The next time you head out on the course – whether you’re a seasoned pro or a golf newbie – there are plenty of things to keep in mind. While golf is known for its ability to provide relaxation and some much needed outdoor time, if done incorrectly, it can also cause a number of back-related injuries. Such as sore muscles, a spine that’s out of whack, and more. (Especially when this “wrong” approach is used on a regular basis.) When golfing, everything from stance, to swing, to the way you hold your neck can greatly affect your game. And while it’s always great to lower your score, there are also other things that can be affected. Such as your back health.
Swinging incorrectly – or in a way that’s unnatural for the body – can not only cause an injury, but lead to continual back pain. But just by being aware of the potential dangers associated with improper stance, tight muscles, etc., you can easily work toward a game routine that keeps all of your muscles firmly in check. (And free from any sudden sport-related injuries.)
5. Talk to your doctor
Whether you have an injury that needs tending to or just want their approval before heading out on the course, talk to your doctor about your physical activities. (Yes, even golf, a seemingly low-key activity.) He or she might tell you areas (or muscles) to avoid moving too quickly, while giving pointers on stretching or trigger spots you should rest later on.
Though golfing might seem like an easygoing sport – at least as far as physical exertion goes – it actually works your muscles harder than you think. The back and legs are often worked in unexpected ways, and stretching before or after your game (or both) will ensure they’re prepped and ready for any impending activities.
3. Swing smarter, not harder
One of the many misconceptions of golf is that you must hit the ball harder in order to get it to go farther. And while the theory behind this might make sense, it’s not necessarily the case. Especially when a hard swing means tense back muscles and sudden jarring movements. Instead, work on a more fluid swing that flows through the ball rather than at it. (You can also talk to a golf pro or look up YouTube videos on how to create a better swing.)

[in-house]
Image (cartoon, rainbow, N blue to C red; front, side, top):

Don’t be afraid to experiment until you find a stance that feels best for your back, without hurting your game.
For those who never golf, an intermittent round or two can leave you with extremely sore muscles. Because they’re rarely used, suddenly engaging these body parts for a few hours at a time leads to painful and jarring swings. However, by golfing on a regular basis (or using these same muscles in another way) you can strengthen them up and leave yourself ready for any number of impromptu golf games. No matter how far apart they may be.
1. Stay hydrated
To reduce soreness, consider drinking an extra glass (or two) of water during your golf game. Gatorade or another vitamin-rich beverage will also help your body stay healthy throughout a day of outdoor activities. (Especially if alcohol is being consumed or you’re golfing in extremely hot weather.) Water is a great way to keep your muscles hydrated both during and after the main event.
No matter your level of golfing experience, there are a number of steps that can help make you healthier both during and after each game. Remember the above each time you plan a trip out on the course.